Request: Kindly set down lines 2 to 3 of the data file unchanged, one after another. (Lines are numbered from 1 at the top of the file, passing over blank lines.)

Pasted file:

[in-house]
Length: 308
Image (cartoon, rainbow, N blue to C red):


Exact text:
Length: 308
Image (cartoon, rainbow, N blue to C red):